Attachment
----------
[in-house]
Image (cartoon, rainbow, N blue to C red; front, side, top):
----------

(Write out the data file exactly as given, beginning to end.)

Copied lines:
[in-house]
Image (cartoon, rainbow, N blue to C red; front, side, top):